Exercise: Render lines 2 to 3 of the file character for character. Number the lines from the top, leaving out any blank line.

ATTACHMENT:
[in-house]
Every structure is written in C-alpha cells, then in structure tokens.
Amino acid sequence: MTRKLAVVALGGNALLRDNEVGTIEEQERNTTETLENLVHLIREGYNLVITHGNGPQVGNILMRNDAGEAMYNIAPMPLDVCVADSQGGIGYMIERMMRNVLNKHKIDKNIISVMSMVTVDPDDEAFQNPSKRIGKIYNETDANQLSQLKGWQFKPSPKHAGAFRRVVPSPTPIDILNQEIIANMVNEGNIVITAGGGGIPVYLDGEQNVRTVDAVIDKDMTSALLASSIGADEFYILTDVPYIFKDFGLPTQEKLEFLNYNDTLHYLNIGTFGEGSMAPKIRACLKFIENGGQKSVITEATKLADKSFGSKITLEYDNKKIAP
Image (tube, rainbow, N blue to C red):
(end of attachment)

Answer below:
Every structure is written in C-alpha cells, then in structure tokens.
Amino acid sequence: MTRKLAVVALGGNALLRDNEVGTIEEQERNTTETLENLVHLIREGYNLVITHGNGPQVGNILMRNDAGEAMYNIAPMPLDVCVADSQGGIGYMIERMMRNVLNKHKIDKNIISVMSMVTVDPDDEAFQNPSKRIGKIYNETDANQLSQLKGWQFKPSPKHAGAFRRVVPSPTPIDILNQEIIANMVNEGNIVITAGGGGIPVYLDGEQNVRTVDAVIDKDMTSALLASSIGADEFYILTDVPYIFKDFGLPTQEKLEFLNYNDTLHYLNIGTFGEGSMAPKIRACLKFIENGGQKSVITEATKLADKSFGSKITLEYDNKKIAP